In Dr. John Watson's new book, “The Cure of Souls,“ containing his Yale lectures on preaching, delivered during his recent visit to the United States, these sentences are found: “What is wanted above everything to-day is positive preaching, by men who believe with all their mind and heart in Jesus Christ.... The pulpit is not the place for discussing systems of scepticism, or proving the instinctive truths of religion, or adjusting the speculated difficulties of Christianity, or apologising for Christ.”PTUK January 28, 1897, page 55.3

    Truer words than these could scarce be written. Their application in preaching would seem to be simple. Why then are there not more such men filling such pulpits. It is because the positive preaching of Jesus Christ, as He has revealed Himself to the world in the Word of God, without admitting the influence of systems of scepticism, ignoring speculative difficulties, but accepting the difficult things which the Bible itself takes out of the realm of speculation, presenting the plain truths of religion without apology for them, or their Author, or the Book from which they are drawn,—it is because such preaching as this, Christ and His Gospel pure and undefiled, so contravenes accepted theology and the popular learning of the schools and customs of Christendom, that few popular pulpits or comfortably furnished pews would endure it.PTUK January 28, 1897, page 55.4

    “The Schools” The Present Truth, 13, 4.

    E. J. Waggoner

    The Anglican Bishop of Chester recently wrote—not to the Archbishop of Canterbury, but—to Cardinal Vaughan, head of the Roman Church in England, to ask his advice as to the course which should be pursued if the Government fails to satisfy the demands of the party working for direct State support of denominational schools. The Cardinal advised doing their best to win the present Government to their cause, but said that if this failed—PTUK January 28, 1897, page 55.5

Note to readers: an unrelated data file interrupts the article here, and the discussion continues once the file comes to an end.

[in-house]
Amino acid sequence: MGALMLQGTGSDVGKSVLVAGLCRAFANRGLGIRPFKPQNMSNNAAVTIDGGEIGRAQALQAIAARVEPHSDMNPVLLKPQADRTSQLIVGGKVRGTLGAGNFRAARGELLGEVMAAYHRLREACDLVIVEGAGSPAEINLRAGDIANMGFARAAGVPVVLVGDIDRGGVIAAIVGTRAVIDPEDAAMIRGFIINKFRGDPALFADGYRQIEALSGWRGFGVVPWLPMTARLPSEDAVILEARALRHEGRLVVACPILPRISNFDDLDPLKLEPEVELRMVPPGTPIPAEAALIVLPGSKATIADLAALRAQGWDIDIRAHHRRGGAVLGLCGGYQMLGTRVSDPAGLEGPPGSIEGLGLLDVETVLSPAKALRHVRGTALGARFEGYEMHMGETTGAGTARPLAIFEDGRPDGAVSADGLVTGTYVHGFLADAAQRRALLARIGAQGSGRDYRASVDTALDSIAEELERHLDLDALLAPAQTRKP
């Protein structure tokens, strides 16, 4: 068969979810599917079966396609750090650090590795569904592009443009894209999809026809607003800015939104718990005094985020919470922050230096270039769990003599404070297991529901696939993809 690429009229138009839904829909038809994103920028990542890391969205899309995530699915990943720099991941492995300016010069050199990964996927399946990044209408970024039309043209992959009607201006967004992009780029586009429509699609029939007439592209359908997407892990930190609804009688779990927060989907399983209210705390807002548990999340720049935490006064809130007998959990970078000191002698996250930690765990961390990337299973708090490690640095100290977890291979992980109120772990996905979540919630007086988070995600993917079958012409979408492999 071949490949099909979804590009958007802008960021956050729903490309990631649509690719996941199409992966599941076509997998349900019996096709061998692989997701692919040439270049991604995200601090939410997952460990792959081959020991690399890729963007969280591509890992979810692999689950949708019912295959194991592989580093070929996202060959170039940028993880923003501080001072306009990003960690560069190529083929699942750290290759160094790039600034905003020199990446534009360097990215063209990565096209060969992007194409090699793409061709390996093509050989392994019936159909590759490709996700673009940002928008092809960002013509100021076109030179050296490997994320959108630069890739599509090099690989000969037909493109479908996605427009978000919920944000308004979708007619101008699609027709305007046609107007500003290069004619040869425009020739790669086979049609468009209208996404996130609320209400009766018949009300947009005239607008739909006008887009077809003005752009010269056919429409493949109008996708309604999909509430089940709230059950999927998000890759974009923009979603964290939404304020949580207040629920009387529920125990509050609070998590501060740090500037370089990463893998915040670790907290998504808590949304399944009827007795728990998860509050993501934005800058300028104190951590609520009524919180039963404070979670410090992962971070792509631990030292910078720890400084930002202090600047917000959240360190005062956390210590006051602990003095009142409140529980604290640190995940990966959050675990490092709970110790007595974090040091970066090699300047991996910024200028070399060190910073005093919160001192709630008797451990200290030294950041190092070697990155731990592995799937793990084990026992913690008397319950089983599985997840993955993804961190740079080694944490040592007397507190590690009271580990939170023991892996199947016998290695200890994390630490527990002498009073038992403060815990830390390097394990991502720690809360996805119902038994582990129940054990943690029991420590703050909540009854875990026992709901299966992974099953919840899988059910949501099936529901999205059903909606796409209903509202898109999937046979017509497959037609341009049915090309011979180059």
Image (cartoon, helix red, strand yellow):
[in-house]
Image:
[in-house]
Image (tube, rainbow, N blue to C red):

Other political combinations must be sought, and it will become our highest prudence and truest fidelity to the country and to God to make a political break up.PTUK January 28, 1897, page 55.6

    The education controversy is just beginning, and the real point in it all is to see which of the great religious bodies can best manipulate political parties to further their own ends. It was by such work in the latter days of the Roman Empire that the Church of Rome secured the ascendancy. Those on the other side, who have inconsistently demanded State-taught religion in one class of schools, while opposing State aid to distinctively religious schools, will yet see that to make religion a matter of politics is to play into the hands of Rome and Sacerdotalism.PTUK January 28, 1897, page 55.7

    “Indirect Conscription” The Present Truth, 13, 4.

    E. J. Waggoner

    It is plain to be seen that the desire is growing in military and other circles to see some beginning made in the direction of conscription in this country, where the passionate love of individual liberty has kept out the accursed militarism of the Continent. This political aspect of the question does not concern us, but the moral evil of training the youth for war is the wrong against which the Gospel of Christ lifts the standard. The latest suggestion of an indirect scheme of conscription is made by Lieutenant-General Sir Henry Havelock Allen, in the Fortnightly Review. He proposes:—PTUK January 28, 1897, page 55.8